Throughout her reign, Hatshepsut dressed as a man, even wearing a false beard, and even removed the female ending from her name, calling herself His Majesty, Hatshepsu. She wasn’t trying to pass herself as a man but this was the only way to demonstrate her authority; there were no words or imaged to portray a woman with such power. However, government officials respected and supported her, and under her 22-year rule, she maintained peace, re-established trading relations lost in previous conflicts and organised trading expeditions that brought great wealth to the country.

She seemed determined never to be forgotten; she was one of the most prolific builders in ancient Egypt. She renovated and constructed temples and shrines throughout Egypt; the memorial temple at Deir el-Bahri and the two 100-foot granite obelisks she erected at the temple of Karnak are considered among the greatest wonders of ancient Egypt. She commissioned hundreds of statues of herself and there are heiroglyphic accounts of her life that go into an unusual level of detail, including describing her feelings: “Now my heart turns this way and that, as I think what the people will say. Those who see my monuments in years to come, and who shall speak of what I have done.”

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Hatshepsut is thought to have died in 1478 BC, probably from bone cancer caused by a carcinogenic skin lotion found in her tomb. Toward the end of her son, Thutmose III’s reign, attempts were made to obliterate her memory, destroying statues and removing her name from monuments. It’s possible that a female ruler was seen as offensive, or that Thutmose III wanted to eliminate evidence of her reign to ensure that the royal succession ran smoothly to his son. Ironically, some of these efforts meant that her greatest work was preserved; stone walls around the granite obelisks were intended to hide them from public view but in fact protected the monuments from the elements.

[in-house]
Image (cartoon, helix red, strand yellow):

In 1903, British archaeologist Howard Carter discovered a tomb in the Valley of the Kings containing two bodies. One was identified as Hatshepsut’s wetnurse, and the other unidentified until 2007, when a gap in the teeth matched a molar tooth that had been found in an ivory jar inscribed with Hatshepsut’s name. Her mummy now resides in the Egyptian museum in Cairo.

Emily Brontë – iconic and elusive novelist